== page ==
There are two ways of analyzing how to select players in the NFL draft.
One is to value team needs, injury histories and how players will fit schematically on their new teams, and the other is to simply take the best players available—regardless of how or why they are still on the board at that point in the draft.
That being said, we'll make it easy for NFL teams with this mock draft. Based on the best player available and a mixture of team needs, decisions on what players to take can be made easy with this 32-player list of college studs.
Check out the latest projections below to see where your favorite team might go on draft night, and how making the easiest decision will impact the order in which players will come to the stage to shake Roger Goodell's hand in late April.
A few players with some extra analysis are also highlighted in italics.
1. Kansas City Chiefs — OT Eric Fisher, Central Michigan
If you go strictly on how Eric Fisher and Luke Joeckel performed at the NFL combine and on their game tapes, Fisher's rise to the top of the draft board isn't much of a surprise. While Joeckel grabbed early headlines as the best tackle in the draft, Fisher has cemented himself as a clear choice at No. 1.
Dane Brugler agrees, noting that other teams feel the same way:
With Alex Smith in the fold and protection needed for the new franchise quarterback, there's no question offensive tackle is the biggest team need. Fisher would be a good start for the rebuilding project.
2. Jacksonville Jaguars — DE Dion Jordan, Oregon
Jordan's meteoric rise through the rankings has put him in a position to be the first defensive end taken, but where will that be? More than a few teams would love to have his services as a pass-rusher next season, and that might lead for a bidding war at the top.
Jacksonville can make it easy by taking Jordan at No. 2. The Jaguars have a clear need at DE, and Jordan brings explosive foot speed and an innate ability to get to the QB. That should make him an easy choice here, or at the very worst, somewhere in the Top 10.
3. Oakland Raiders — DT Sharrif Floyd, Florida
Oakland could be a big seller at No. 3. With needs along the defensive line abundant, there's a good chance the No. 3 pick could be a chance for Oakland to hold an auction for the pick to teams looking to get into the Top 5.
If they choose to go ahead and make the selection, though, Floyd would be the kind of DT that would immediately help the defense, either in 4-3 or 3-4 fronts; he is a great fit in both schemes. After a good combine and more film study, Floyd isn't a stretch as the No. 1 defensive tackle.
4. Philadelphia Eagles — OT Luke Joeckel, Texas A&M
Although Joeckel may be supplanted as the No. 1 pick, there's no chance he gets out of the Top 5. Someone will select him, and Chip Kelly is an excellent candidate, especially with Jordan (the former Oregon Duck) off the board.
As Philly transitions to a new offense under Kelly, one thing it will need is offensive linemen. Between Joeckel and Fisher, there's really no wrong choice at No. 4.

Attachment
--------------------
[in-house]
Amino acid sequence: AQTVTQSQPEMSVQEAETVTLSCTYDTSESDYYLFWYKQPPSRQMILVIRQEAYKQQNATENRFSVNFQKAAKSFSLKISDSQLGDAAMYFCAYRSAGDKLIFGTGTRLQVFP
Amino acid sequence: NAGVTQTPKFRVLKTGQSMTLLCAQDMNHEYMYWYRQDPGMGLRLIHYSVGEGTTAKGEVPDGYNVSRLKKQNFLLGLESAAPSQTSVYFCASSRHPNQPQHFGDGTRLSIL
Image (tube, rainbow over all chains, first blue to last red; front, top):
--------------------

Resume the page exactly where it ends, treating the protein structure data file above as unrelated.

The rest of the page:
5. Detroit Lions — CB Dee Milliner, Alabama
From being one of the fastest cornerbacks at the combine to an extensive highlight film at Alabama, Milliner is far and away the best corner in the draft. Detroit should have no problem taking him at No. 5—if he's still available, that is.
6. Buffalo Bills (Proposed trade with Cleveland Browns) – QB Geno Smith, West Virginia
The easy choice for Cleveland at No. 6 is to trade it away, and an ideal candidate to move up is Buffalo.
Ezekiel Ansah, Barkevious Mingo or any of the other DE prospects that Cleveland could likely take at No. 6 will still be there after a trade to another team like the Bills. Additionally, it would make perfect sense for Buffalo to trade up and nab its QB of the future—especially with Arizona lurking at No. 7.
It doesn't seem like much of a trade, but Cleveland could pick up another second- or third-rounder or a couple of late-round picks in the process, and Buffalo gets its QB without the wait-and-see game with Arizona.
Many are divided on Smith's ceiling and full potential in the NFL, but the general consensus is that he is the No. 1 quarterback in the draft. He has good mobility and the strong arm that Buffalo weather requires, and he fills a huge need after the team released veteran Ryan Fitzpatrick.
7. Arizona Cardinals — OT Lane Johnson, Oklahoma
With both top OTs (Fisher and Joeckel) that were projected high-round draft picks off the board, Johnson sneaks up to the Cardinals at No. 7. Pass protection was a major issue up front last season, and instead of addressing the QB situation the Cardinals might be better off selecting an OT like Johnson who will be around for years to come.
8. Cleveland Browns (via Buffalo Bills) — DE Ezekiel Ansah, BYU
As previously mentioned at No. 6, Cleveland could make a smart move by trading down. It still gets Ansah at No. 8, plugging a major hole along the defensive line and adding pass-rushing ability in the process. The Browns may have added some defensive talent in free agency, but Ansah would be a great (and easy) pick for Cleveland here nonetheless.
9. New York Jets — DE Barkevious Mingo, LSU